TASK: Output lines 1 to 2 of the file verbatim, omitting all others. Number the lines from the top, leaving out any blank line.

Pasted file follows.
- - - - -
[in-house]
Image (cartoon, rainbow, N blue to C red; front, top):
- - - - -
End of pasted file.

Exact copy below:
[in-house]
Image (cartoon, rainbow, N blue to C red; front, top):